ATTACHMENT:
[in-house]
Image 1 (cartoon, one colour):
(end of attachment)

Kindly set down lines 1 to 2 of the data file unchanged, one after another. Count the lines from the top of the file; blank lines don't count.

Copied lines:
[in-house]
Image 1 (cartoon, one colour):